Plug-in hybrid electric vehicle (PHEV)
PHEVs take the hybrid story further.
Like a regular hybrid, they have an internal combustion engine and a fuel tank.
They also have an electric motor/s but get a bigger battery pack than a plain old hybrid.
That means they can be recharged externally to travel further on electricity, usually between 40km and 100km.
So, if you want you can run a PHEV almost entirely on electricity.
But there’s a petrol engine there to allow you to take off on the big road trip and treat them the same as you would an internal combustion engine car. Your only constraint is the location of the next service station.
Keep in mind that once the battery pack is depleted, you’ll be running solely on petrol and typically using more of it than a regular hybrid. That’s because that large battery pack is heavier, making the engine work harder.
PHEVs are also less efficient when running in electric mode. That’s because the electric motor has to move an engine and gearbox that are at that moment contributing nothing to the forward motion of the car. They’re a temporary dead weight.
PHEVs can also be expensive, often bringing a $10-20,000 price premium over a similar model without the hybrid bits.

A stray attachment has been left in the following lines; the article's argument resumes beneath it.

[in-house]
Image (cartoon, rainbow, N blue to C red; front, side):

That means the payback in fuel savings could be a decade or more away.
Keep in mind, too, that they need to be serviced just like a petrol car, even if you’re running yours primarily on electricity.
Throw it all into the mix and it’s no surprise some are predicting plug-in hybrids will be the first of the electrified tech to be phased out.
Sure, PHEVs are playing a role now, but they’re arguably more relevant in Europe, where some cities demand vehicles that are zero-emissions while in the CBD.
PHEV benefits will also be diluted when the EV fast-charging network expands. Even today some EVs can add a few hundred kilometres of range after just 15 minutes of charging. Once those charging stations become more prolific – and future EVs charge even faster – the argument for a PHEV will be further diminished.
Pros: All-electric driving range without the range-anxiety.
Cons: Expensive, compromised as an EV and compromised when running on petrol.